Benjamin and his son Mosiah ushered in an era of righteous kings, who worked along the people and did their best to build up the kingdom of God.
But just a few chapters later, we see an example of a particularly odious king. I Mosiah chapter 11 we read: King Noah “did not keep the commandments of God, but he did walk after the desires of his own heart. And he had many wives and concubines. And he did cause his people to commit sin, and do that which was abominable in the sight of the Lord.”
How did Noah finance his evil deeds? “He laid a tax of one fifth of all they possessed, a fifth part of their gold and their silver.” (Mosiah 11:3) He used the money to pay for his wives and concubines.
Mosiah 11:6: Yea, and thus they were supported in their laziness, and in their idolatry, and in their whoredoms, by the taxes which king Noah had put upon his people; thus did the people labor exceedingly to support iniquity.
The contrast could not be more clear. King Benjamin was good at least in part because he did not tax his people. King Noah was evil at least in part because he did. On the one hand, people labored to help others, to give voluntarily, to create a just kingdom. On the other, the people were forced to labor to “support iniquity.”
The scripture’s treatment of taxes may help guide us in our day.
I wish only 1/5 of my money was taxed.
We’re taxed twice over for making money, taxed if we spend money, taxed for owning property (which is theoretically unconstitutional), taxed for imaginary eventualities (SS tax). I’m even taxed for a company “benefit” I don’t really use!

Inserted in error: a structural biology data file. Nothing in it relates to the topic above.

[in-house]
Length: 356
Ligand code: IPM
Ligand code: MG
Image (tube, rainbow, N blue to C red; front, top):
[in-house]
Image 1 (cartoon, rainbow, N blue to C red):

And then people talk about socialist governments and how glad they are that 60-80% of our money isn’t taken from us in taxes. Wake up, it is.
But as long as we want the government to try to make no one suffer, no one have a bad day, rather than owning it in our own communities, as long as we allow politicians to accept anything of value from interested parties, there really isn’t much room to move.
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One major problem with King Noah’s taxes is that they weren’t acquired for helping the poor or doing good; they were for him to get rich & build a bigger, nicer home, & to support his own unrighteous addictions & those who were in on that lifestyle. Also, a 1/5 tax is pretty extreme, especially if the kingdom was capable of functioning without taxes as Benjamin’s was. This begs the gray-area question: Are taxes bad, or are they good or bad based on what they are used for and what percentage of income those taxes take?